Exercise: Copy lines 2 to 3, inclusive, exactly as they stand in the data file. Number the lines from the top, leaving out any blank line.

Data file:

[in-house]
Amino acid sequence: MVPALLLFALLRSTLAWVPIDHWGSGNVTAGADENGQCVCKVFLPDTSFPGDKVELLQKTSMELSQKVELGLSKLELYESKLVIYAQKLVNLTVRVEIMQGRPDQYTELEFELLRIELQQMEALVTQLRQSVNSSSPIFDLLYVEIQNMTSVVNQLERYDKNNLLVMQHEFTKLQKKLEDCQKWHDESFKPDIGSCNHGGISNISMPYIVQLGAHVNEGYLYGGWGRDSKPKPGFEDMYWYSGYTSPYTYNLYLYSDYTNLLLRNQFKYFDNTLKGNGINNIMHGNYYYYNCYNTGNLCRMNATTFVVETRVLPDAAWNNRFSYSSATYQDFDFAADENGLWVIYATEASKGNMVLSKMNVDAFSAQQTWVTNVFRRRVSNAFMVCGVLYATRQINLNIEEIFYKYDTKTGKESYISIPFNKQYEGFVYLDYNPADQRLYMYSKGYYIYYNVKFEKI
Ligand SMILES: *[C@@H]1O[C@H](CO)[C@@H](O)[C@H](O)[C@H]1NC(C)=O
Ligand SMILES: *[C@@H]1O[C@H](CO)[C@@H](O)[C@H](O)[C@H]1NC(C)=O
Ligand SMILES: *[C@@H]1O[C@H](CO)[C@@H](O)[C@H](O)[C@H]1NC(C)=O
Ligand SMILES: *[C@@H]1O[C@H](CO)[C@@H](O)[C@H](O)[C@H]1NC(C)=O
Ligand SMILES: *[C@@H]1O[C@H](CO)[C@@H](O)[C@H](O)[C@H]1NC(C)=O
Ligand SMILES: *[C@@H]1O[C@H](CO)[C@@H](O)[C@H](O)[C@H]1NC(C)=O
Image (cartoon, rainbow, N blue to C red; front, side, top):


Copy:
Amino acid sequence: MVPALLLFALLRSTLAWVPIDHWGSGNVTAGADENGQCVCKVFLPDTSFPGDKVELLQKTSMELSQKVELGLSKLELYESKLVIYAQKLVNLTVRVEIMQGRPDQYTELEFELLRIELQQMEALVTQLRQSVNSSSPIFDLLYVEIQNMTSVVNQLERYDKNNLLVMQHEFTKLQKKLEDCQKWHDESFKPDIGSCNHGGISNISMPYIVQLGAHVNEGYLYGGWGRDSKPKPGFEDMYWYSGYTSPYTYNLYLYSDYTNLLLRNQFKYFDNTLKGNGINNIMHGNYYYYNCYNTGNLCRMNATTFVVETRVLPDAAWNNRFSYSSATYQDFDFAADENGLWVIYATEASKGNMVLSKMNVDAFSAQQTWVTNVFRRRVSNAFMVCGVLYATRQINLNIEEIFYKYDTKTGKESYISIPFNKQYEGFVYLDYNPADQRLYMYSKGYYIYYNVKFEKI
Ligand SMILES: *[C@@H]1O[C@H](CO)[C@@H](O)[C@H](O)[C@H]1NC(C)=O